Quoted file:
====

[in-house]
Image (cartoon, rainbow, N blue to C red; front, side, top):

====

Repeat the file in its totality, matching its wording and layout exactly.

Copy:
[in-house]
Image (cartoon, rainbow, N blue to C red; front, side, top):